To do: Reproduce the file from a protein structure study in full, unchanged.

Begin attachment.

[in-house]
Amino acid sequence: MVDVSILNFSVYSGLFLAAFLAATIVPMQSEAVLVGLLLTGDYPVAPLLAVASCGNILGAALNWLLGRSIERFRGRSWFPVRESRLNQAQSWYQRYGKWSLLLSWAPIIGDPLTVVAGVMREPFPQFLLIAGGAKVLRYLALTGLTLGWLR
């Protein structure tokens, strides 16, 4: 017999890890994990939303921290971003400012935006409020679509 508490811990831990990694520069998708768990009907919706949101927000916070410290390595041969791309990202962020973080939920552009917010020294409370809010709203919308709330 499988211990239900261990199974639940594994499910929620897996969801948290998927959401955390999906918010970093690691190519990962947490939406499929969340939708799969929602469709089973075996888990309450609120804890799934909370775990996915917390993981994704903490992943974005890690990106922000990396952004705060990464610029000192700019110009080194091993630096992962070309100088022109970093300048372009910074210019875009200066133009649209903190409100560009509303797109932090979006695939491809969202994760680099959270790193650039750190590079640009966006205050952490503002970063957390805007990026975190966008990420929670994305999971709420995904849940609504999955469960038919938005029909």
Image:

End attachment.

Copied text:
[in-house]
Amino acid sequence: MVDVSILNFSVYSGLFLAAFLAATIVPMQSEAVLVGLLLTGDYPVAPLLAVASCGNILGAALNWLLGRSIERFRGRSWFPVRESRLNQAQSWYQRYGKWSLLLSWAPIIGDPLTVVAGVMREPFPQFLLIAGGAKVLRYLALTGLTLGWLR
């Protein structure tokens, strides 16, 4: 017999890890994990939303921290971003400012935006409020679509 508490811990831990990694520069998708768990009907919706949101927000916070410290390595041969791309990202962020973080939920552009917010020294409370809010709203919308709330 499988211990239900261990199974639940594994499910929620897996969801948290998927959401955390999906918010970093690691190519990962947490939406499929969340939708799969929602469709089973075996888990309450609120804890799934909370775990996915917390993981994704903490992943974005890690990106922000990396952004705060990464610029000192700019110009080194091993630096992962070309100088022109970093300048372009910074210019875009200066133009649209903190409100560009509303797109932090979006695939491809969202994760680099959270790193650039750190590079640009966006205050952490503002970063957390805007990026975190966008990420929670994305999971709420995904849940609504999955469960038919938005029909």
Image: